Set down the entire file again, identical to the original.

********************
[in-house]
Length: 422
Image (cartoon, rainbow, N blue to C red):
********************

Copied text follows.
[in-house]
Length: 422
Image (cartoon, rainbow, N blue to C red):